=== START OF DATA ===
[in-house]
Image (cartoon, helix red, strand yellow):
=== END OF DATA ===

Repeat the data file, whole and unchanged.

[in-house]
Image (cartoon, helix red, strand yellow):